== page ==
Dr. Frankenstein and the Curse of Self-Awareness: Part II (Conclusion)

If you haven’t read the first part of this story, go to:  Dr. Frankenstein and the Curse of Self Awareness. Then return here for the conclusion.

The phantasm was your standard-issue genie in some respects: very tall; with a long, twirling mustache and broad shoulders. But the creature’s bug eyes were friendly if you could get past just how imposing he was, and he had a welcoming smile. In other words, the sort of genie you wouldn’t mind having a beer with.

I am at your service, Master. You may request one wish and one wish only. But I must warn you. The maker of this lamp wanted to be sure that no one would use it to cause harm. He therefore required me to tell its possessor that any wish that would damage another will cause just the same type of injury to the person who makes the wish.

The genie then took a deep breath before speaking again:

OK, now you’ve heard what my maker required me to tell you. But, over the 3000 years I’ve been doing this work, I’ve had a lot of time on my hands in between people finding the lamp and making wishes. So, you should know that I once took a junior college course in psychology, and I’ve dabbled with being a therapist. Who knows, maybe one day I’ll dump this gig and get a real job. What I’m trying to get at is that if you want, I will give you 50 minutes of my time to discuss your possible choices before you make the one wish; breakfast included, no extra charge!

With that, the food appeared. “Wow,” said Ralph. “Thank you so much. I never could get my wife to go to marital counseling and she almost never cooks, so this is great! I kind of thought maybe I should go to therapy myself, but never seem to have the time.” Ralph was not used to anyone showing him consideration, so his interest in talking was as much for the semi-human contact with a congenial genie as it was to help him with the job of choosing how to use the gift of the lamp.

“So, what’s on your mind?” asked the genie. Ralph proceeded to describe his marital life and how his wife now had the appearance of a sex-pot, but no interest in him except to bankroll her lifestyle. The genie listened patiently. Ralph was definitely not used to that.

“Well Ralph, have you considered returning your wife’s appearance to what it was before? That would be no problem for me.”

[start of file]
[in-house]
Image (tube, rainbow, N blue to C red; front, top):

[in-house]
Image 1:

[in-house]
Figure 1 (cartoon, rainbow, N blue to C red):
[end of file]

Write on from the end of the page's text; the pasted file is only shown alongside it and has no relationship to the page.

“No, I don’t want to do that to her,” replied Ralph. “She would be so depressed and she’d never forgive me either.”

“Then how about if I make you as handsome as she is beautiful?” offered the genie.

“No,” said Ralph again, “I don’t think that would make her appreciate me. She’s never been bothered about how I look. My appearance is probably the only thing she has accepted from the start of our time together. Besides, she’d get used to any change in that department pretty quickly and then the status quo would be reestablished, with her complaining about other stuff or asking me to spend money on her. No, I don’t think that is the answer.”

Ralph was quiet for a while, and it was clear that the genie had no more suggestions to offer. Then Ralph brightened: “You know, I think I figured out what I want. I’d like Fox to see herself in the mirror. Not the outside, external stuff, but the inside stuff. I’d like her to see how self-involved she is, how much she complains, how she is never satisfied with things as they are, and how much I love her. Just for one minute — one minute of self-awareness. Maybe that would change her forever. Can you do that, genie?”

“Absolutely, Ralph. Bring her here tomorrow just before dawn with a hand-mirror and it will be done.”

Ralph spent an anxious day and a sleepless night waiting for the morning. It took some doing to persuade Fox to get to bed early for the beach surprise he promised, especially because her eye and skin sensitivity caused her to avoid sunny places. But she was intrigued by Ralph’s request, he assured her they would only be there for a little while after the sun came up, and she thought maybe there was a luxury car or trip to France that he would spring on her. So, she came along the next day, uncharacteristically quiet in the short car ride to the sand and water, except for an occasional attempt to wheedle the surprise out of her husband.

As instructed by the genie, Ralph carried a small satchel and walked with Fox to the empty beach a few minutes before sunrise. The genie, who could make himself small, was resting in Ralph’s ear, where he whispered precise instructions. Ralph laid out a large beach towel and asked Fox to sit on it facing the water. The lamp stayed in the bag as Ralph removed the mirror and asked Fox to hold it to her face and take off her sun glasses. “Oh, Ralphie, are you going to give me some jewelry?” Then came the dawn.